Author

Austin Sabo

Date of Award

12-2019

Document Type

Thesis

Degree Name

Master of Science (MS)

Department

Kinesiology, Health, and Sport Science

First Advisor

Hayden D. Gerhart

Second Advisor

Madeline P. Bayles

Third Advisor

Kristi L. Storti

Fourth Advisor

Yongsuk Seo

Fifth Advisor

Dennis Marsili

Abstract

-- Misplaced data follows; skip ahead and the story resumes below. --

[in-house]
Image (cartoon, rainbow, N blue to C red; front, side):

PURPOSE: The purpose of the present study is to observe the impact of a hyperthermic environment on physiological responses in police cadets performing a simulated occupational task. METHODS: Ten Indiana University of Pennsylvania (IUP) police cadets currently enrolled in the Indiana University of Pennsylvania Police Academy participated in the present study. The cadets reported to the Human Performance Laboratory in the IUP Center for Sports Science Research and Education for the first visit, a familiarization session, in which signed consent, health history, and all resting anthropometrics were obtained. The familiarization session concluded with a maximal exercise test performed to determine the intensity for the subsequent simulated occupational task sessions. Following a minimum of 48 hours rest the subjects returned to the laboratory for their first of two-exercise sessions. The cadets underwent the exercise sessions in either a hyperthermic of thermoneutral environment. Both exercise sessions consisted of baseline values for body weight, urine specific gravity, heart rate, rating of perceived exertion (RPE), blood pressure, oxygen consumption (VO2), skin temperature, core temperature and thermal sensation (TSS), outside the chamber and once again immediately upon entering the environmental chamber for all variables except body weight and urine specific gravity. Following 30 minutes of acclimation to the environment all variables are reassessed. Subjects then completed a 10-minute treadmill walk at 70%-80% of their maximal heart rate. If a subject exceeded this range intensity was reduced to keep them at their defined relative intensity. Immediately following the treadmill walk, cadets immediately transitioned to a sandbag (50 lb.) lift from the ground to a table (72in x 28.5in). Subjects lifted the sandbag to a metronome. Subjects were given 10 seconds to lift the sandbag onto the table top, and another 10 seconds to return the sandbag to the floor. This was repeated over the course of 5 minutes, until 15 lifts were successfully completed. After the sandbag lift, subjects transitioned back to the treadmill to repeat the 10-minute walk at 70%-80% maximum heart rate. Once again, after the treadmill walk, subjects transitioned directly to the sandbag lift for 5 minutes. Upon completion of the second sandbag lift, the subject exited the chamber where they passively recovered in a seated position. Following the 10-minute passive recovery all variables were reassessed. This concluded the study protocol. Subjects were permitted to leave the laboratory once their heart rate fell within 20bpm of their initial resting value. Following a minimum of 48 hours rest, subjects returned to the laboratory for the second exercise session. RESULTS: A two condition by nine time point analysis of variance (ANOVA) was conducted on all dependent variables. Post hoc analysis via paired samples t-test were conducted to further explain all main effects and interactions. A significant condition by time interaction was observed for respiratory exchange ratio (RER), blood lactate accumulation, Stroop Color Word Score: Mean Response Time, heart rate, rating of perceived exertion (RPE), thermal sensation (TSS), and core body temperature. CONCLUSION: It was observed that heart rate, rating of perceived exertion (RPE), respiratory exchange ratio (RER), blood lactate accumulation, thermal sensation (TSS), core body temperature, and mean response time were all significantly impacted by the hyperthermic environment. These impairments could result in a decrease in performance while on the job. In order to maintain adequate physiological and cognitive functioning there should be interventions implemented while in the academy to expose the cadets to environmental extremes and teach them how to function successfully in those extremes. The results from the present study displayed significant physiological and cognitive responses demonstrating what effect a hyperthermic environment has on various physiological and cognitive variables in police academy cadets.

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